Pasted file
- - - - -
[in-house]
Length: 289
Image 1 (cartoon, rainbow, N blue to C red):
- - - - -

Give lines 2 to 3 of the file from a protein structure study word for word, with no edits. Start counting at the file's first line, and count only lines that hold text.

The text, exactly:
Length: 289
Image 1 (cartoon, rainbow, N blue to C red):